Then and Now

Politics and progress


In 1940, when the political arena was again filled with candidates, the Democratic Party split into two factions. Harold E. Flaherty and A. Norman LaSalle fought for the chairmanship of the party. When the Flaherty faction was outvoted, they refused to accept LaSalle and held their own meetings. The rift greatly aided the Republicans who united under the leadership of their new chairman, Thomas Casey Greene.

During this time, rising costs and demands for improvements gave Warwick its first million-dollar budget ($1,064,199.50) on Feb. 1, 1940. The tax rate remained at $22 per $1,000 valuation. Lockwood High School improvements and alterations were continued, and a number of new Federal Works Progress Administration (W.P.A.) projects were inaugurated. Major reforms in the organization of the fire and police departments were also undertaken at this time.

Warwick continued to be in the center of the political struggle in Rhode Island when William H. Vanderbilt took office as governor in 1939. Vanderbilt became very unpopular with certain elements in the Republican Party when he began to make major changes. Two of Vanderbilt’s strongest supporters were Warwick’s mayor Albert Ruerat and GOP party chairman Thomas Casey Greene. They were criticized for this and were further challenged when the controversial Vanderbilt became involved in a wire-tapping scandal. An attempt within the party to oust Greene and Ruerat failed and Ruerat once again was a candidate for mayor.

The Democrats in Warwick united after their split in a political duel between Robert E. Quinn and Walter O’Hara and once again selected John A. O’Brien as their standard bearer. With the threat of war in the background, Franklin D. Roosevelt ran for an unprecedented third term and easily defeated Republican Wendell Wilkie. In the gubernatorial election, Democrat J. Howard McGrath won a lopsided victory over Vanderbilt. Warwick, as in the past, bucked the Democratic tide and re-elected Ruerat. In this election he trounced O’Brien by a vote of 8,313 to 4,671.

Within a very short period after the election of 1940, the city was facing a serious problem with the school system. As Warwick’s population grew, there was an increasing demand with the school system. At that time, Warwick’s cost per student was the lowest in the state. The state average was $97.75 and Warwick lagged far behind with $72.58. This low figure existed despite the fact that 41.2 percent of Warwick’s budget went for the support of the schools. The system, led by Superintendent Warren A. Sherman, had 205 teachers, 20 grammar schools and three secondary schools. Warwick’s rapid growth brought the total number of pupils to 6,083 and the schools were overcrowded.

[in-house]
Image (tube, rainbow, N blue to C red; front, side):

During the Depression, Warwick was fortunate to receive federal assistance to enlarge and improve Lockwood High School, to build Aldrich High School on Post Road in 1935 and Samuel Gorton High School on Draper Avenue in 1939. City officials hoped that this aid and monies from the state and federal government to build a trade school would solve the problems of Warwick’s school crisis.

In addition to the shortage of classroom space, the city faced an acute teacher shortage and dealt with serious discontent among the teachers in the system. Teachers’ salaries in Warwick were very low and the actual amount of pay depended upon the sex of the teacher and the level of education taught. The range of salaries went from $900 per year for a female elementary teacher to $2,200 for men teaching at the senior high school level.

During this period, teachers became more vocal and began making their demands public. Led by John and Joseph McKeon, over 170 teachers, after a stormy two-hour session, rescinded the Warwick Teachers Association’s confidence vote in the School Committee that had been passed earlier. This was the beginning of an almost constant struggle over school issues in the City of Warwick.


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